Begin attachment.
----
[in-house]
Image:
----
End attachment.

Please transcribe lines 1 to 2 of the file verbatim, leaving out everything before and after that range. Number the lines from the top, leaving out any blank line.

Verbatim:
[in-house]
Image: